It’s important not to put off making an Islamic will. Should you pass on without one, the state will declare that you died ‘intestate’. Your wealth and possessions will then be distributed according to English rules on intestacy. These differ from the criteria laid down under Shariah Law.
There are other benefits, too:
- You can avoid family disputes after you’ve passed away
- You can appoint legal guardians of your own choosing for any children under 18 years of age
- You can leave a gift to a charity to help them and you, too, because ongoing charity is believed to be rewarded after death.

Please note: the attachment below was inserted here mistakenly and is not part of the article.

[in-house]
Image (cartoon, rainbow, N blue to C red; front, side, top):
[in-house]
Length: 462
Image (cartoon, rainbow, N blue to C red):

At Barber and Co., our specialist solicitors can help with the intricate task of preparing a Shariah or Islamic will that’s fully enforceable under both Shariah Law and United Kingdom law. We cover the four main Islamic schools of jurisprudence (Maliki, Hanafi, Hanbali & Shafi’i).
Who’s entitled to what?
As a rule, a wife is entitled to one-eighth of the husband’s estate under Shariah Law and the husband is entitled to a quarter of the wife’s estate. Parents are also normally entitled to one-sixth of the estate. In intestacy, a partner will generally inherit more than under Shariah Law.
If anyone is financially dependent on you and you don’t make reasonable provision for them, they could claim against your estate.
You can leave up to one-third of your estate to beneficiaries of your choice, such as charities, or other relatives and friends.